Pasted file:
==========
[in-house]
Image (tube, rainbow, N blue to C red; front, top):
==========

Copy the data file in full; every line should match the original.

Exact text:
[in-house]
Image (tube, rainbow, N blue to C red; front, top):